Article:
Number 2 in line for the Dutch throne resigns

I’m going to get a reputation for never putting up very serious stuff on this blog if I keep posting this sort of thing, but here goes.

So, I’m watching the coverage on Nederland 1 of today’s announcement from Prince Johan. It seems that, like his older brother, the number two prince of the Netherlands also has a penchant for falling for the wrong woman. Mabel Wisse Smit – a career UN human rights worker – may or may not have had a relationship with murdered gangster and suspected drug smuggler Klaas Bruinsma sometime in the distant past.

The debate on TV seems oddly familiar to me as a citizen of a nominal monarchy myself – depoliticise the monarchy, modernise, etc. What, I suppose most of you are asking, is the deal? Is something rotten in the state of Holland? The government was, apparently, uncertain if it wanted to approve the marriage, which it has the constitutional power to do. So, Johan has followed in the footsteps of Edward VIII by abdicating his claim to the throne for the woman he loves.

What is it with these Dutch royals? Queen Beatrix caused riots back in the 60’s by marrying a German. Number one prince Willem-Alexander was embroiled in controversy when he married Maxima Zorreguieta, an Argentinean ex-model whose father was a minister in the dictatorship during the 70’s. She couldn’t even invite her father to the wedding. Despite all the trouble at the time, now it seems like everyone loves Princess Maxima – who had the good sense to go away for a few months and learn to speak Dutch before doing a media blitz.

Now, is it just me, or does all this fuss strike anyone else as inane? Why, in nations with the common sense to let people marry who they please, do they impose unique and bizarre restrictions on their royal families? The British royals, of course, get a lot more global press than Europe’s other monarchs, but as far as I can tell, the whole lot seem just as silly.

This entry was posted in A Fistful Of Euros, Life and tagged by Scott Martens. Bookmark the permalink.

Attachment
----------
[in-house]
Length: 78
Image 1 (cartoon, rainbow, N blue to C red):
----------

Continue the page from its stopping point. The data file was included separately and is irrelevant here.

About Scott Martens

Scott is a US-raised Canadian living in Brussels with his American wife. His political background is well to the left of centre, even for Europe, and is very interested in immigration, cultural integration and language policy issues. He is presently working against a deadline on his doctorate in computational linguistics and is on hiatus. Wrote Pedantry, also on hiatus.

12 thoughts on “Number 2 in line for the Dutch throne resigns

  1. “the common sense to let people marry who they please”

    Makes me wonder what Queen B would do if her son wanted to marry a man. (insert gratuitous “queen” joke here)

  2. I might be wrong but I thought Friso and Mabel Wisse Smit could marry whenever they want to, but Friso just would have to give up ever being king if the parliament or government don’t approve.

    Now, wether having a monarchy in NL is good or not seems to me seperate discussion, but if you agree we should have a monarchy here in NL I can imagine why they won’t allow someone that may have slept with a known gangster to be queen of the Netherlands(something which could happen, were Friso’s older brother, and his upcoming child, to die or if they would refuse to become monarchs). If you want to have a monarchy here, it’s probably because it creates a feeling of connectedness with the other people in the country. I think having someone like that be queen won’t exactly work for that.

  3. Given the circumstances, I think that Friso was right to give up his claims to the throne. He seems determined to marry this woman, who I believe is being dishonest when she claims not to have had sexual relations with Brunsma, and better he be out of the equation altogether than that he try to follow in the footsteps of Prince Charles, who seems to imagine he will eventually succeed in forcing Camilla Parker-Bowles down the throat of the British public.

    The only question in my mind is whether Friso’s bride-to-be will be quite as happy with his self-sacrifice in the long run. She seems the sort of person who has an affinity for power and the limelight*, and the prospect of someday being queen, however remote, might well have played a significant role in her attraction to the young prince. How long will she stick it out with him if she doesn’t get invited into the ranks of European high society as a fully paid up member?

    *There’s a more impolite word for what I’m getting at – Star****er …

  4. “will be quite as happy with his self-sacrifice”

    This is assuming that not being a monarch is a sacrifice, isn’t it Abiola? It depends on your point of view I suppose, but I never found not being a Windsor too hard to accept.

  5. “It depends on your point of view I suppose, but I never found not being a Windsor too hard to accept.”